Ghosts in the Philippines
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Ghosts in the Philippines

Ghosts in the Philippines

A new, inspiring guest post on ‘Beyond Borders series.

It is becoming increasingly difficult for travelers to cross borders because, by and large, they have ceased to exist. Or have they?


Manila Bay, Photo by Luis Limchiu

Some time ago, in the 1980s, I spent a couple of years in the Philippines. I lived in a Manila boarding house that was owned by an art director, a big fat bloke who listened to Maria Callas recordings all day, and who survived by renting out rooms in the large family mansion, mainly to his pals who included a hairdresser with a degree in philosophy  (from a good university, to boot) and his boyfriend who worked at the Ministry of Tourism. There were also a couple of  young accountants from one of the city’s diploma mills who did not yet earn enough to afford anything more than a room and who consequently had to smuggle their girlfriends past the strict Majordoma each Saturday night.


Manila rush hour, Photo by Mark Panszky

One evening, while I was sitting at the long dining table in the hall, one of them, let’s call him Bill (not his real name; nobody in the Philippines is called Bill), who apparently had read something he did not quite understand, approached me, the “authority” on Europe,  and started a conversation by asking: “If you don’t mind, Michael. Tell me,  Hitler,  was that West Germany or East Germany?”

After some explanations, we settled that and went on to talk a little about this and that. He told me about the region where he came from and the town where his parents still lived. He also talked about politics, albeit in a vague and general, “non-partisan” way (these were the Marcos years, after all, when everyone was still slightly careful), listing all the things that had gone wrong in his hometown over the past ten, twenty years. And then he told me how a character he referred to as “Beautiful Perry” would eventually right all these wrongs.

At this stage, although I was only half listening, not least because Bill had a terrible Filipino accent, which made it somewhat hard to follow his story, I understood that everyone in the town thought that Beautiful Perry was the bee’s knees. By implication, that included Bill, although he was a bit cagey about this, grinning sheepishly whenever he mentioned this person.

And then it suddenly hit me: “Beautiful Perry” was not a person at all –  but a “beautiful fairy”.  Something thumb-sized with wings, spraying pixie dust in the back of the garden! Here was a young man who could talk knowledgeably about sports and cars, who ate pizzas and burgers and loved a beer, who went to an office five times a week dressed in suit and tie, and it turns out he believed in bloody Tinkerbelle! Incredible!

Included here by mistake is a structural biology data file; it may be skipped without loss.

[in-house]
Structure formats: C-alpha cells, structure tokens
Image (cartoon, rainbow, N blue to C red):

Manila Streets, Photo by Bako

Over the years, I have learned, more incredibly still, that Bill was not alone. Talking to Filipinos, I found people who have been to universities, who have worked in western countries and hold down prestigious jobs in competitive environments, sophisticated and worldly people who have travelled around the world, believe one or more of the following things: that it is best to avoid certain parts of the countryside because “everybody knows they are populated by vampires”; that someone they knew had been killed by duwendes (malicious dwarves, if I understand this right, but it is difficult to find out anything detailed about these guys because most Filipinos are too scared to talk about them); that one or more of the places they regularly visit is haunted by ghosts; and that they have talked to someone who has been raised from the dead.

What have I learned from this? Mainly this: that “Westernization” is often only skin-deep. That people compartmentalize their lives, and that it is possible to hold conflicting views in different such “compartments”. That cultural frontiers have not disappeared, but only become invisible. That they live on, albeit in a different state.

Not unlike ghosts, come to think of it.


About this week’s guest writer

Michael Schuermann is the author of the book Paris Movie Walks and now blogs as Easy Hiker.

He is German but is an adoptive Parisian, where he lives with his wife and son since 1993.

Follow him on Twitter as @easyhiker101

Travel addict and passionate about photography, Simon Falvo started Wild About Travel back in 2009. Leveraging her strong PR background, she developed an extensive knowledge of Digital Communications and Social Media Marketing. Besides travel writing SImon holds workshops and trainings, she collaborated with tourism boards for digital marketing campaigns and participated as a speaker at several events.

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  • Philippines Tourist
    Posted at 01:43h, 21 March Reply

    I’m currently travelling around the Philippines and image of the jeepneys in rush hour is stunning and still relevant today. Great insiders perspective and travel blog.

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